HC Deb 09 November 1967 vol 753 cc1252-64
Mr. Heath

May I ask the Leader of House to state the business of the House for next week?

The Lord President of the Council and the Leader of the House of Commons (Mr. Richard Crossman)

Yes, Sir. The business for next week will be as follows:

MONDAY, 13TH NOVEMBER—Supply [1st Allotted Day]:

Debate on a Motion to take note of the Fifth Report and the First and Second Special Reports from the Public Accounts Committee, Session 1966–67.

Prayers on the Grading of Produce Regulations relating to Apples and Pears.

TUESDAY, 14TH NOVEMBER—The first of two days' debates on Procedure.

Prayers on Amendments to Rules on Patents and Trade Marks.

WEDNESDAY, 15TH NOVEMBER—Remaining stages of the Expiring Laws Continuance Bill.

THURSDAY, 16TH NOVEMBER—Supply [2nd Allotted Day]:

Until 7 p.m. a debate on the Rights of the Teachers at Court Lees School.

Thereafter, debate on the Siting of the British Museum Library.

These topics will arise on Opposition Motions.

FRIDAY, 17TH NOVEMBER — Second Reading of the London Cab Bill and of the Trustee Savings Banks Bill.

MONDAY, 20TH NOVEMBER—The proposed business will be: Remaining stages of the Family Allowances and National Insurance Bill.

Afterwards, Motion on the British European Airways Corporation (Borrowing Powers) Order.

Mr. Heath

Can the Leader of the House assure us that the Foreign Secretary will make a further statement on Aden next week? Secondly, will the Government end their state of indecision on Stansted Airport in time either for the President of the Board of Trade to make a statement or for the Order on Stansted to be laid?

Mr. Crossman

I am glad to reaffirm the undertaking of my right hon. Friend the Foreign Secretary to inform the House as soon as he has decided the precise date of independence in South Arabia, There is nothing in this week's business statement about Stansted for next week. The Government will lay the Stansted Special Development Order as announced, but it has had to be delayed for some weeks because consideration is being given to possible runway alignments which would greatly reduce the amount of disturbance from aircraft noise in Bishop's Stortford and elsewhere. My right hon. Friend the Minister of Housing wishes to consult local authorities and other bodies about these changes in the draft Order. After that, it will be laid as soon as possible.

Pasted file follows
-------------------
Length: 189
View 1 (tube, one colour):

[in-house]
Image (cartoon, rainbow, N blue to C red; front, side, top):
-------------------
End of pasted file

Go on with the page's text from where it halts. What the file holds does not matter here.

Mr. Heath

If I may return to the question of Aden, the Foreign Secretary said that the statement would be made at the middle of the month, and the end of next week is the middle of the month.

Will the statement definitely be made next week?

Mr. Crossman

My right hon. Friend said that he would make his statement as soon as he had decided the precise date. I do not think that there is any change in his plans in that respect.

Mr. Michael Foot

In view of the profound differences of opinion which obviously exist in the House about the meaning of the Governor of the Bank of England's speech about unemployment, which the Chancellor of the Exchequer persists in saying is Government policy, will the Leader of the House rearrange the business for next week to ensure that we can debate this matter at once? Would not this be a practical example of the reform in procedure advocated by my right hon. Friend to secure an early, topical and controversial debate?

Mr. Crossman

The Prime Minister has done even better, because we have had a series of lengthy interjections and altercations this afternoon at Question Time on this subject. I would not do as my hon. Friend suggests. When we discuss the amendment of Standing Order No. 9, I hope that the House will accept my suggestion that we should accept it and improve our position. No doubt, if we had already amended that Standing Order, its provisions might have been available to my hon. Friend. They are not available today or next week.

Mr. Jopling

Will the Leader of the House give time to debate the Report of the Select Committee on Agriculture? Will he realise that this is particularly important in view of that part of the Report which pointed out the serious interference and hindrance which the Committee had from the Government last year?

Mr. Crossman

I do not think that we are likely to find time for that. I would like to tell the hon. Member that the Treasury reply to the Agriculture Committee will be published as a White Paper in the very near future. When the House has read it, we can then reconsider whether it needs to be debated.

Dr. David Kerr

Will my right hon. Friend arrange an early debate on the Sainsbury Report on the pharmaceutical industry, so that some of us can demonstrate how it leads ineluctably to the nationalisation of that industry?

Mr. Crossman

I will certainly consider the possibility of an early debate but I had not considered it up to now. I am, of course, aware that my right hon. Friend the Minister of Health is considering that Report in conjunction with his Bill, but I will certainly consider the possibility of a debate.

Mr. Lubbock

Can the Leader of the House amplify what he said about the two days of debate on procedure and explain which matters will be dealt with on the first and second days, respectively?

Mr. Crossman